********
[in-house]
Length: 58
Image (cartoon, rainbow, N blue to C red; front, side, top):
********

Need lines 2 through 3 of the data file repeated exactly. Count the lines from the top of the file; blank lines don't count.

Length: 58
Image (cartoon, rainbow, N blue to C red; front, side, top):